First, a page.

Tips for Buying A Used Car

Tips for Buying A Used Car

You’re ready to buy a used car, but it’s hard to know where to start. Finding the right used car for your budget, lifestyle, and taste is like searching for a needle in a haystack. With so many options to choose from, your mind can feel overloaded pretty quickly. Fortunately, there are plenty of tricks to ensure you find the perfect used car for you and your family:

Stick to your budget.

Out of all the tips on this list, sticking to your budget is perhaps the most important. Figure out exactly how much you can spend on a car before you start searching. It’s all too easy to throw caution to the wind the moment you see a car that’s perfect but well out of your price range. Keeping your budget in mind helps narrow down your choices right off the bat, so you won’t get stuck yearning over cars that you really can’t buy without causing yourself unnecessary financial stress.

Choose the right dealership.

Most brand-name dealerships — Toyota, Ford, Mercedes, etc. — have a large inventory of new cars, but their used car selections leave more to be desired. When searching for a used car, always choose a small, family-oriented business. Smaller dealerships almost always have far more used cars than new cars, so you can browse as much as you want in a business where you feel comfortable.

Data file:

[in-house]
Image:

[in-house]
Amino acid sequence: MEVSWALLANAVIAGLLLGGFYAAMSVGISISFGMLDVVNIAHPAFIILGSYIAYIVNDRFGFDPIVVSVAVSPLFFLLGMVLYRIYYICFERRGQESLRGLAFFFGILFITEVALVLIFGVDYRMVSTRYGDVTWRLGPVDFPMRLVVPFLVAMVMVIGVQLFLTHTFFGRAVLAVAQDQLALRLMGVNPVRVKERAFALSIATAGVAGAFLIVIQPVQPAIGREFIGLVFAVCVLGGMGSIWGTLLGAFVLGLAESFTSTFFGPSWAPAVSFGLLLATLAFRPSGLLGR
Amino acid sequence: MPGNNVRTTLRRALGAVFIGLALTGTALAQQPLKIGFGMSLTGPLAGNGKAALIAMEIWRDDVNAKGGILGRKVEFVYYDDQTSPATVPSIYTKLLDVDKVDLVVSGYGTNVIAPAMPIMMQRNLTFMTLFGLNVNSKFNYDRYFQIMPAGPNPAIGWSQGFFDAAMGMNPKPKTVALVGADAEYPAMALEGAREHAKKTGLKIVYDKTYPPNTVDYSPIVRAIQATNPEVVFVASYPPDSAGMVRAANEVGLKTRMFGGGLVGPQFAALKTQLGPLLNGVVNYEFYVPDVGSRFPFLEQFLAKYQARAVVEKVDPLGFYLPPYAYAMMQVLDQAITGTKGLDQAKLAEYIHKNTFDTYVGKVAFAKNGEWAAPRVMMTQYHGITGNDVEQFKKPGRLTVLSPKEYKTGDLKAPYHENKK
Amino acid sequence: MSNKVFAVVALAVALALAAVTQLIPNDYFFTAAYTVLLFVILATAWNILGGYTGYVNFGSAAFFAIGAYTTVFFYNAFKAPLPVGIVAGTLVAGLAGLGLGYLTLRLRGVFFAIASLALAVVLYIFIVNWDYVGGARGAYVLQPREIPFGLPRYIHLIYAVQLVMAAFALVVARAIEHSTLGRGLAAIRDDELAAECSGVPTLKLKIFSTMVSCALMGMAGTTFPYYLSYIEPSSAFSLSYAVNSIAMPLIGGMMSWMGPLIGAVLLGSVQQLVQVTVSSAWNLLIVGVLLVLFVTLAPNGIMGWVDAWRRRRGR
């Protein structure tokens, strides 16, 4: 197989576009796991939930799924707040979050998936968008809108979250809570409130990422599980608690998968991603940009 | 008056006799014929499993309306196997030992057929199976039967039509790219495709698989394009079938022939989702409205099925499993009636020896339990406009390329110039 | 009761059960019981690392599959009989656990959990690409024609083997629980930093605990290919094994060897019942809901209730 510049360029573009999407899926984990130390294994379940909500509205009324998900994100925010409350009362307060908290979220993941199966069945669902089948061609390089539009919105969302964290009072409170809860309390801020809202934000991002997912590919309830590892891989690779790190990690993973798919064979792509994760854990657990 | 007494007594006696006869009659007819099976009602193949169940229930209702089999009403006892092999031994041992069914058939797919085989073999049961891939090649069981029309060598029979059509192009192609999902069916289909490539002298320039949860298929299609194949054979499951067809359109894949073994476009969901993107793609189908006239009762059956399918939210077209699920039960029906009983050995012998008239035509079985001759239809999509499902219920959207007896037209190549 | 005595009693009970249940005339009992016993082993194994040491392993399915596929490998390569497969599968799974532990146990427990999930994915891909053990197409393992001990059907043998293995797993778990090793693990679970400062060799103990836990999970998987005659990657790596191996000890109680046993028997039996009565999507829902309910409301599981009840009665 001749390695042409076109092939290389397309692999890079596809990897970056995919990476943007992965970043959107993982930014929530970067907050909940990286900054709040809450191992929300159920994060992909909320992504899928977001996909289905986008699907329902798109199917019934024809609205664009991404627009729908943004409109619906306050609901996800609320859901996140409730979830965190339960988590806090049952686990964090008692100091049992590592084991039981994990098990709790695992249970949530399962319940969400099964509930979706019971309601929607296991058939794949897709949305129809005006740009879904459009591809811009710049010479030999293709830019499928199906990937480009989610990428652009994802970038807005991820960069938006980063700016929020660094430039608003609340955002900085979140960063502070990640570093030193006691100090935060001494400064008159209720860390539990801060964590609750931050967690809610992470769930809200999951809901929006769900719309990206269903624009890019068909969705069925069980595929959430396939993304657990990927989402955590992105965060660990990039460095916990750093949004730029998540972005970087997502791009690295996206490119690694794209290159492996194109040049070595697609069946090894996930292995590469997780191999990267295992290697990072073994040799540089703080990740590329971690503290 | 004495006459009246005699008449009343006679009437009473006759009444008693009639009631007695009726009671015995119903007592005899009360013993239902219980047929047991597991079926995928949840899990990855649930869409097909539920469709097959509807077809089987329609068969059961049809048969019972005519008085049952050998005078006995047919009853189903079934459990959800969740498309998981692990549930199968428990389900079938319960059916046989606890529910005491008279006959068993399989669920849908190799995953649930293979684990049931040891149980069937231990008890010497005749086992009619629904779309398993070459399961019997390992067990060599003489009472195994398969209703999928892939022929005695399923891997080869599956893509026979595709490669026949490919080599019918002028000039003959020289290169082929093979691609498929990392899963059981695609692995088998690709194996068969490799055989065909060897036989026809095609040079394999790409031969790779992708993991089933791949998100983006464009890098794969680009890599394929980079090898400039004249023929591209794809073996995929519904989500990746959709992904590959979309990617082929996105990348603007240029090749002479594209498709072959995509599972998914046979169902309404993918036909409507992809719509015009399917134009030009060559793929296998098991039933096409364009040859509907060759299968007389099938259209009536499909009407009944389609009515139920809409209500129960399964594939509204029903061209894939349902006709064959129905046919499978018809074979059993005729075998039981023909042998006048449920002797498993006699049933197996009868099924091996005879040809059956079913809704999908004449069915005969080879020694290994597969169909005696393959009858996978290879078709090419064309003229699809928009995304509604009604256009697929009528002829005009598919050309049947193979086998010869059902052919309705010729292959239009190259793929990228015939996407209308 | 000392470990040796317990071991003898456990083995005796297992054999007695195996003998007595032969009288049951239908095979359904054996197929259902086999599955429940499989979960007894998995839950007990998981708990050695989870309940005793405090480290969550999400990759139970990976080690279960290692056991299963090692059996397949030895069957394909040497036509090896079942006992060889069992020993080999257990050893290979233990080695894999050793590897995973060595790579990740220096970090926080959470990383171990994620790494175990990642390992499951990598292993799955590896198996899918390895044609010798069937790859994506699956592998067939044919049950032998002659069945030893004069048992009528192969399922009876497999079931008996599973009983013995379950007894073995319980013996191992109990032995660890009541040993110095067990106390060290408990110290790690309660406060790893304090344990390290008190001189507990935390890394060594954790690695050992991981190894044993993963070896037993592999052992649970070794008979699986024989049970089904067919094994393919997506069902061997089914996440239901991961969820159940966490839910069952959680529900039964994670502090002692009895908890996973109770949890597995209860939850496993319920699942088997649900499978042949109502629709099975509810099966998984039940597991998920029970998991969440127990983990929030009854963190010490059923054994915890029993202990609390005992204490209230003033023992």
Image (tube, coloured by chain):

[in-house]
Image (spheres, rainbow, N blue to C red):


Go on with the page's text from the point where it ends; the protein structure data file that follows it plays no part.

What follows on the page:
Do your research.

It’s an excellent idea to have a list of potential used car options on hand when you arrive. Kelley Blue Book and Consumer Reports are great websites that can help you find a variety of reliable used cars in your price range. Having this information ready when you arrive at the dealership tells the team exactly what you’re looking for in a car. It can also give you bargaining power when it comes time to buy.

Don’t fall into monthly payment traps.

A lot of car dealerships rope you into buying a car that boasts smaller payments over a 72-month loan period to make you think you’re paying much less than you are for the car. Always look at the full price of the car before buying. Does it match your budget? If not, it’s probably best to look at another car.

Calculate insurance costs.

When buying a car, you must calculate all the costs before settling on the one you want. That means factoring the insurance costs of the car’s make, model, and year before you buy. Insurance premiums can set you back a pretty penny, depending on the vehicle, so make sure you know exactly how much you’re going to pay monthly right off the bat.

Avoid add-ons.

Car dealerships are businesses, just like any other business, so they’re going to try to get you to buy add-ons that you don’t need to make a profit. Unless you absolutely need heated seats, built-in GPS, or a rear camera, just say no to add-ons.

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